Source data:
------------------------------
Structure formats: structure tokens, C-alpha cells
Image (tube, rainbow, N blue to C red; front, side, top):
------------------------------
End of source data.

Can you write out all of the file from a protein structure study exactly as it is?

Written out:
Structure formats: structure tokens, C-alpha cells
Image (tube, rainbow, N blue to C red; front, side, top):